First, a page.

## Abstract

Compressive sampling enables signal reconstruction using less than one measurement per reconstructed signal value. Compressive measurement is particularly useful in generating multidimensional images from lower dimensional data. We demonstrate single frame 3D tomography from 2D holographic data.

©2009 Optical Society of America

## 1. Introduction

Studies presented in 1949 by Shannon and Golay have recently collided in a major revision to signal and image measurement theory. Shannon is traditionally cited to support the claim that the sampling rate in a high fidelity imaging system must be greater than twice the spatial bandwidth [1]. Golay introduced the idea of artificial discrete multiplex coding in optical measurements [2]. Candés, Tao and Romberg [3, 4] and Donoho [5] have demonstrated that signals, assumed to be sparse in some basis, sampled by multiplex encodings may be accurately infered with high probability using many fewer measurements than suggested by Shannon’s sampling theorem. Takhar *et al*. applied compressive sampling algorithms in demonstrating a single pixel camera [6]. We have previously applied these methods with Golay-inspired coded aperture spectroscopy to demonstrate compressive measurement of 3D spectral datacubes from 2D measurements [7, 8].

This paper explores the relationship between compressive sampling and a third paper from the late 1940’s, Gabor’s invention of holography [9]. Gabor holography is an amazingly simple and effective encoder for compressive sampling. Decompressive inference improves holographic systems by increasing the number of pixels or voxels one can infer from a single hologram and by resolving reconstruction ambiguities. Holography is a comparatively effective encoder for compressive imaging because holographic multiplex measurement weights are complex valued.

After the invention of the laser, Gabor holography was generally supplanted by off-axis Leith-Upatnieks holograpy[10]. Signal reconstruction from off-axis holograms may be understood simply using Shannon sampling and linear filtering theory. As illustrated by recent studies of holographic cytometry [11], however, the simplicity of the Gabor geometry remains attractive and competitive. We demonstrate in this paper that interference terms that may not be removed from Gabor holograms by linear filtering may be removed by imposing a sparsity constraint.

Computational imaging from electronically recorded holograms recorded on electronic detector arrays is called digital holography [12, 13]. Digital holography typically relies on monochromatic laser illumination. Optical coherence tomography is a closely related technique relying on multispectral illumination for 3D interferometric tomography [14]. Alternative approaches to optical 3D imaging include projection tomography [15, 16] and confocal microscopy. Digital holography is not regarded as a 3D tomographic imaging technique because 3D object estimation from coherent scattering data is ill-posed [17]. This problem is traditionally addressed by recording holograms of objects illuminated by a sequence of plane waves, which forms the basis of diffraction tomography [18].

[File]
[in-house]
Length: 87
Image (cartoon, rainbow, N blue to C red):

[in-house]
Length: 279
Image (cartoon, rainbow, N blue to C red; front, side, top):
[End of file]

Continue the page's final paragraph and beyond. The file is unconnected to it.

Our main result is that decompressive inference enables 3D tomography from a single 2D monochromatic digital hologram. While this result is in apparent conflict with Devaney’s proof that holographic tomography is ill-posed, the overthrow of Devaney’s objection using a sparsity prior and convex optimization parallels the overthrow of Shannon sampling by similar methods.

Our results also suggest that holography may have general advantages in compressive optical imaging. Since the irradiance is the only observable in conventional optical imaging, multiplex measurement codes are constrained to nonnegative weights. This results in relatively poor measurement conditioning. Holography, in contrast, is an interferometric modality in which both the amplitude and the phase of a field can be obtained as in radar or MRI. The complex-valued encodings may provide a more direct application of compressive sensing. Chan *et al*. [19] have previously described phase-sensitive terahertz compressive imaging.

We note that our approach is fundamentally different than hologram data compression [20]. Our approach is to directly collect a smaller number of measurements than the number of voxels (or pixels) in the reconstructions, whereas the hologram data compression applies data compression to the holograms that are already obtained. The word “compressive” in this paper emphasizes that our holographic sampling or sensing process encodes and compresses 3D datacube information into 2D holographic measurements. This encoding is inverted using compressive sampling theory [4, 5]. Similar terminology appears in related studies [21, 22].

## 2. Compressive sensing background

Compressive sensing theory ensures highly accurate reconstruction for multiplex encoders that satisfy a sufficient condition called the restricted isometry property (RIP) [3, 4]. Let a S-sparse signal be defined by a signal that has only S nonzero components and (*N*–*S*) coefficients that are exactly zero. A matrix *H*∈R^{M×N} is said to satisfy S-RIP with constant *δ _{S}*∈(0,1) if, for any

*S*-sparse

*f*,

where *T* denotes the set of indices on which the *S*-sparse signal is supported, and ‖·‖2 denotes the Euclidean norm. This condition implies that for any *S*-sparse object to be reconstructed accurately and reliably, the corresponding sub-matrix *H _{T}* of

*H*composed of

*S*columns of

*H*has to form a nearly isometry transformation. Note that the condition also implies that all the eigenvalues of the Gram matrix of any

*S*-column sub-matrix

*H*are distributed near 1 (in fact in the range of [1-

_{T}*δ*1+

_{S}*δ*]), which consequently ensures that any S-column sub-matrix

_{S}*H*is well-conditioned.

_{T}Let *µ*
_{1}(*H*,Ψ) be defined by

$$1\le m\le M$$

$$1\le n\le N$$

where *h _{m}* and

*ψ*denote the

_{n}*m*-th row of

*H*and the

*n*-th column of Ψ, respectively. Candés

*et al*. [3] and Donoho [5] showed that if

*f*is

*S*-sparse in Ψ, and

*M*satisfies